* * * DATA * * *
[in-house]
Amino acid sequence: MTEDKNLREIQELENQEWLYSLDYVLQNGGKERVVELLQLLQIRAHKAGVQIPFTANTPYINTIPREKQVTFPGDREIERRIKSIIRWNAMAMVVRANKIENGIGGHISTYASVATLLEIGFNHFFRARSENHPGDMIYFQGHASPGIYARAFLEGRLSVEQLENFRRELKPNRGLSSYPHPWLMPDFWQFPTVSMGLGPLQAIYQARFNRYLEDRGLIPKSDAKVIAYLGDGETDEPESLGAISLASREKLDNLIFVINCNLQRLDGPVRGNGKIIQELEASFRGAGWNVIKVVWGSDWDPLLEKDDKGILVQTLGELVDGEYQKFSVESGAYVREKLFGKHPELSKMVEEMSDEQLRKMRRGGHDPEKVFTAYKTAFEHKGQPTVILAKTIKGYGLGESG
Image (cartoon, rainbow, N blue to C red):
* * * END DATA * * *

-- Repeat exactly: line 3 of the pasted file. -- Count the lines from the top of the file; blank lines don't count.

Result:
Image (cartoon, rainbow, N blue to C red):